Review: The Roanoke Girls


I was intrigued by the the premise of The Roanoke Girls and so was keen to get a hold of a copy to review. It sounded like Amy Engel is one of the many authors contributing to the mass of crime thrillers featuring ‘girls’, in the wake of Gone Girl, The Girl on the Train and more recently The Girls.

The book is short – 288 pages in total and is compelling so it didn’t take me long to read, although by the time I finished I felt incredibly confused and conflicted – and you’ll see why.

The premise is that girls from the Roanoke family have all been disappearing and dying at young ages – all before their teens, with the exception of Lane’s mother, however when she commits suicide, her daughter Lane is forced to go stay with her grandparents and cousin at the family home. There is a taboo subject which lies under the events of the whole novel and is fairly easy to work out from near the start. What is more interesting is the disappearance of Allegra 10 years later.

The novel is split into sections, skipping from the past to present, both focalised through Lane. Interspersed throughout the novel are also short sections about each of the Roanoke Girls. I actually very much enjoyed these devices which helped drive the mystery behind the story and feed ideas of conspiracy – even though we know most of what is going on it becomes more about the detail and how it occurs. Engel used the Roanoke reference – with it’s connotations of mystery and The Lost Colony, very well. Possibly for this reason it also felt reminiscent of American Horror Story  (without the horror and gore). It also felt incredibly cinematic – I could see this making a brilliant noir if the right director picked it up.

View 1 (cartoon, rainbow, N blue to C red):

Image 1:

The author also dealt well with the taboo subject – exploring the complicated emotions around it, and rather than falling into the trap of victim-blaming she actually challenges this issue.

On the other hand the novel does read a bit like a YA book (to the point where I actually had this on my YA shelf) and it is most definitely not. I don’t know if this is because it is the genre Engel predominantly writes for or a side effect of focalising through a 16 year old for much of the novel. It’s not necessarily a bad thing but I just didn’t feel like the prose was particularly sophisticated. The book also risks romanticising a lot of behaviours – teenage sex and underage drinking amongst other things. The girls themselves are also almost mythologised in the way they are represented as beautiful and alluring.

So all in all I was quite conflicted over what rating to give this but it ultimately came down to the ending which was very good and which I didn’t see coming at all. Engel offers the perfect twist and a brilliant way to conclude the novel.

For this reason I would give what would have otherwise been 3 stars a 4 and I will definitely give any future novels by Engel a go too.

I received this book as an advanced reader copy from NetGalley in exchange for an honest review; all opinions are my own. 


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